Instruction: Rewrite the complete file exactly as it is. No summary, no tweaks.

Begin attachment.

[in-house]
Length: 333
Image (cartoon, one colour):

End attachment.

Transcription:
[in-house]
Length: 333
Image (cartoon, one colour):